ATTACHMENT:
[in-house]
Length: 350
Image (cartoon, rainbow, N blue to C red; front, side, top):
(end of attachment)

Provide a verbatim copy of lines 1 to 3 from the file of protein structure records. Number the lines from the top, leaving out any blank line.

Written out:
[in-house]
Length: 350
Image (cartoon, rainbow, N blue to C red; front, side, top):